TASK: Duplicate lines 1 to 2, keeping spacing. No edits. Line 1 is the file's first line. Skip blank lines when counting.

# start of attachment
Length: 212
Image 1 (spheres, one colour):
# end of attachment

Length: 212
Image 1 (spheres, one colour):